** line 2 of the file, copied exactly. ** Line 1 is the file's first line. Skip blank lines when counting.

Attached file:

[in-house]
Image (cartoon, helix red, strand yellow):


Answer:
Image (cartoon, helix red, strand yellow):